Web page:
Topology of connected subsets of the $3$-torus

Consider the $$3$$-torus $$Y=T^3$$, a subset $$\Sigma\subset Y$$, and $$\Sigma^*=Y\setminus\overline\Sigma$$. We assume both $$\Sigma$$ and $$\Sigma^*$$ to be open, connected, and smoothly bounded.

I am concerned with the subsets $$A = \ker (H^1(Y)\to H^1(\Sigma)), \quad B=\ker (H^1(Y)\to H^1(\Sigma^*))$$ of the first de Rham cohomology of $$Y$$. The maps are induced by the restriction maps.

My conjecture is that one of the following three statements must hold true:

• $$A=0$$ or
• $$B=0$$ or
• $$A=B$$ and $$\dim A=1$$.

Can you help me prove or disprove this conjecture?

Why I expect the conjecture to be true: Honestly, I have only very crude intuitive arguments for this. If $$a\in A\subset\mathbb R^3$$ is nonzero, then $$a$$ can be written as a gradient in $$\Sigma$$. This means that there cannot be a closed loop $$\gamma$$ in $$\Sigma$$ "going in the direction of $$a$$", meaning that the fundamental group class of that loop in $$Y$$ (considered as an element in $$\mathbb R^3$$) is non-orthogonal to $$a$$. But the existence of such a loop is obstructed only by $$\Sigma^*$$, which means that there must be some sort of two-dimensional plane inside $$\Sigma^*$$ which is "orthogonal" to $$a$$. But then, given any direction $$b\in\mathbb R^3$$ orthogonal to $$a$$, we can find a closed loop in that plane (thus in $$\Sigma^*$$) "going in the direction of $$b$$". This shows that $$b\notin A$$.

What I have already done: I have already looked at the Mayer Vietoris sequence, but it does not seem to yield enough information. But it helps me to draw conclusions in case I already know the conjecture to be true. Indeed, denoting by $$k$$ the number of connected components of $$\partial\Sigma$$, we then know that \begin{align*} 1 &\ge\dim A\cap B = \dim\ker(H^1(Y)\to H^1(\Sigma)\oplus H^1(\Sigma^*)) \\ &= \dim \operatorname{im} (H^0(\partial \Sigma)\to H^1(Y)) \\ &= k - \dim\ker(H^0(\partial\Sigma)\to H^1(Y)) \\ &= k - \dim\operatorname{im}(H^0(\Sigma)\oplus H^0(\Sigma^*)\to H^0(\partial\Sigma) = k-1, \end{align*} showing that $$\partial\Sigma$$ can have at most $$2$$ connected components. I have no independet proof of this result, so my second question would be if this statement is true.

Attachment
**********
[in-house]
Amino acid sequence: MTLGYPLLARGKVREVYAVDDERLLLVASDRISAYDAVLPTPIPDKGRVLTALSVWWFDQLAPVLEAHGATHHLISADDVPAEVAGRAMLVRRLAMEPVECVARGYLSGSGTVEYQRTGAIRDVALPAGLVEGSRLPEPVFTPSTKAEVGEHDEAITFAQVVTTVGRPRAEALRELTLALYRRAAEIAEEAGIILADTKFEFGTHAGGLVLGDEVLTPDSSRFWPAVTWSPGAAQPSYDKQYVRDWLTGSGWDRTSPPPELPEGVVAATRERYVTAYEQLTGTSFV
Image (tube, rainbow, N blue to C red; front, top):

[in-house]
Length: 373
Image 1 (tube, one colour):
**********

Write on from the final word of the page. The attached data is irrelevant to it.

• You're on the right track with the Mayer-Vietoris sequence; have a look at the "half-lives, half-dies" principle. It tells you about the image of the restriction maps on $H^1$. Eg Lemma 3.5 of Hatcher's 3-manifold notes pi.math.cornell.edu/~hatcher/3M/3M.pdf. – Danny Ruberman Dec 5 '18 at 14:42
• Thank you, this is interesting stuff! Can you expand a little on how this principle would help? In the Mayer Vietoris sequence there is only the difference of two such restriction maps. What makes me a bit skeptical is that my intuitive argument works in any dimension, that is, not just for the $3$-torus, whereas using the "half-lives, half-dies" principle would work only in dimension $3$ (or, any odd dimension?). – Klaas Dec 6 '18 at 17:44

The exact sequences of the pairs $$(Y,\Sigma)$$ and $$(Y,\Sigma^*)$$ show that $$A=\operatorname{im}(i^*:H^1(Y,\Sigma)\to H^1(Y)), \quad A=\operatorname{im}(j^*:H^1(Y,\Sigma^*)\to H^1(Y))$$
Take any $$[u]\in H^1(Y,\Sigma)$$ and $$[v]\in H^1(Y,\Sigma^*)$$. Here, $$u$$ and $$v$$ are closed $$1$$-forms on $$Y$$, and we can assume that $$u$$ vanishes of $$\Sigma$$ and $$v$$ vanishes on $$\Sigma^*$$. Consequently, $$0 = [u\wedge v]_{H^1(Y)} = [u]_{H^1(Y)} \wedge [v]_{H^1(Y)} = i^*[u]_{H^1(Y,\Sigma)} \wedge j^*[v]_{H^1(Y,\Sigma^*)}$$
We have thus shown that $$A\wedge B=0$$ which is but a concise formulation of the original claim.